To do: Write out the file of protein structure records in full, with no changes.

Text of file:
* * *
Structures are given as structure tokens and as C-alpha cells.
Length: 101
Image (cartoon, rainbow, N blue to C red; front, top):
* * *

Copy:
Structures are given as structure tokens and as C-alpha cells.
Length: 101
Image (cartoon, rainbow, N blue to C red; front, top):